Science News

Southern California is known for its endless summer. While it may seem that the weather doesn’t change much, the wildlife activity certainly does. As “June gloom” turns into August, typically our hottest month of the year, you may need to look beyond your weather app to notice the natural phenomena that occur each summer. Read more.


We thought it was extinct, but one of the lost plants we were searching for in Baja California was rediscovered right in our own backyard.  Read more.


With sunny skies and near perfect temperatures almost year-round, it is easy to assume that San Diego does not have seasons. Our wildlife would beg to differ. Between March and June, as warmer weather and brilliant flowers sweep through the region, look beyond your weather app to notice the natural phenomena that occur each spring. Read more.


San Diego is synonymous with seafood—especially tuna. Museum volunteers are preparing two specimens that will allow people to see these impressive animal skeletons in incredible detail. The specimens also serve as a useful tool in understanding the lives of native people.  Read more.


Natural Selection in Action

Posted: April 20, 2020

In the past 80 years, the plumage of the Horned Lark has undergone a relatively rapid color change, which scientists believe is due to the conversion of Imperial Valley desert into farmland, which has caused the landscape to change from light to dark. This could represent the first example known among birds evolving different colors within recorded history. Read more.


Return of the Frogs

Posted: April 9, 2020

President and CEO Judy Gradwohl shares a first-person account of a recent milestone for conservation: I had arrived early at the release site in case the egg transport went faster than anyone anticipated. This quiet overcast day marked the culmination of many years of hard work to return California red-legged frogs to their historic range in Southern California, where they have been absent for about 20 years. Read more.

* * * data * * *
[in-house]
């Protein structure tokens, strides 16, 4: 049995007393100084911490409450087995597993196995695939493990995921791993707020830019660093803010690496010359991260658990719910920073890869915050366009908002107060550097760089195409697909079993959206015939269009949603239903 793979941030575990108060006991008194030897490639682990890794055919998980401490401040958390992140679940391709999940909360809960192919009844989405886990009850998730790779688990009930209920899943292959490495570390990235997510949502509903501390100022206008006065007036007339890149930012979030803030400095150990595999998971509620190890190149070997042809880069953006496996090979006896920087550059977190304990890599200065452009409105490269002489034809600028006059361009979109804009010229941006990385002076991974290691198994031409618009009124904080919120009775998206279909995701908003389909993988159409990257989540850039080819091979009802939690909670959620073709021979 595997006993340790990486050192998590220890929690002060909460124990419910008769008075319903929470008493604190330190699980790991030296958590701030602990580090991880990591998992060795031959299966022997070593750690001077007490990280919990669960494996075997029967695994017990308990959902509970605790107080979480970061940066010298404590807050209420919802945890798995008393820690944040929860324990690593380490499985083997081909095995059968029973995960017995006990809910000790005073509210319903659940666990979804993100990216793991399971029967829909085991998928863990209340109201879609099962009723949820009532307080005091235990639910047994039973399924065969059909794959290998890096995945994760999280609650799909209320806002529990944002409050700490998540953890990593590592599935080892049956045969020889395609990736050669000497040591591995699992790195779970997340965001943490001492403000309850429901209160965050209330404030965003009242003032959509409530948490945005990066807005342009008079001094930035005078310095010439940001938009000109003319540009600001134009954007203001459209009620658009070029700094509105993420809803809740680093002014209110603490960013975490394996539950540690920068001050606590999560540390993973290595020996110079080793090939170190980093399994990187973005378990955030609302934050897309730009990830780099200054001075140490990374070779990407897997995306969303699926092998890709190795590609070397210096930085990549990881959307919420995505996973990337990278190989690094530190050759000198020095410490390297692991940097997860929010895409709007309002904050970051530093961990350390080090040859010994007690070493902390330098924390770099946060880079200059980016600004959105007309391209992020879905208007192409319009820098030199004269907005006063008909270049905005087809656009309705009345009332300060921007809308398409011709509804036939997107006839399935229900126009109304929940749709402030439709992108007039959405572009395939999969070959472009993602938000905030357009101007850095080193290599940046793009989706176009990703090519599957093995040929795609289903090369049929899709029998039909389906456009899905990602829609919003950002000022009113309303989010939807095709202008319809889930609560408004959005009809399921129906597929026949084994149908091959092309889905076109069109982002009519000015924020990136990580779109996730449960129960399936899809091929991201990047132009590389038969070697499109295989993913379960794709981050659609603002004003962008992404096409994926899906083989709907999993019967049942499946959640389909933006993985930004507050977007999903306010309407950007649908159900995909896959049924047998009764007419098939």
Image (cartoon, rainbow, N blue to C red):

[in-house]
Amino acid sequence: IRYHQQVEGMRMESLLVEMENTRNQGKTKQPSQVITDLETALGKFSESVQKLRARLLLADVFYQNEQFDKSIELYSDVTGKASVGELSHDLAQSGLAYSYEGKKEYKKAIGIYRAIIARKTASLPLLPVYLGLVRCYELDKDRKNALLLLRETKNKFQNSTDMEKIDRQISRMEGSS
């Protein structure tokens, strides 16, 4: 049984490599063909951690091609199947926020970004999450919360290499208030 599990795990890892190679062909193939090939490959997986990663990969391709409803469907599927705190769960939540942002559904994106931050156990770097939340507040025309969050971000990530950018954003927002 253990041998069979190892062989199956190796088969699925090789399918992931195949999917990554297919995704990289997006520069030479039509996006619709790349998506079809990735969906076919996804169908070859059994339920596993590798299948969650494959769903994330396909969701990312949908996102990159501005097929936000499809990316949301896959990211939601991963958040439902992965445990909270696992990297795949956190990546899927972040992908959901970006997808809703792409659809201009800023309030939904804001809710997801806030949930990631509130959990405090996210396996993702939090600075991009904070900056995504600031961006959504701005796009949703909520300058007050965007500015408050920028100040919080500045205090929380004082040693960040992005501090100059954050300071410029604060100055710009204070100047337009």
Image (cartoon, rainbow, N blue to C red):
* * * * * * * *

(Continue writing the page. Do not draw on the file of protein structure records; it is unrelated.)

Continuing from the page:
A new way to use collections? Using material from specimens within the Museum's botany collection, researchers may be on the path to a new treatment for Alzheimer's disease - and maybe more. Read more.


Helping Save the Ringtail

Posted: March 6, 2020

We don’t know much about our native ringtail cats, but we can say two things for certain: they are not actually cats (they are in the raccoon family), and they love strawberry jam. The Nat is working with the San Diego Zoo to study these elusive creatures and understand why they keep ending up as roadkill in our foothill areas. Read more.


Some bird species museum scientists have been studying are spreading in a more southerly or downslope direction over time, which is contrary to the expectations of climate warming. Why is this happening? They attribute these shifts to three main factors, all directly resulting from human influence. Read more.


A new species of feathered dinosaur has been discovered in China, and described by American and Chinese authors in the journal, The Anatomical Record. The fossil preserves feathers and bones that provide new information about how dinosaurs grew and how they differed from birds. Read more.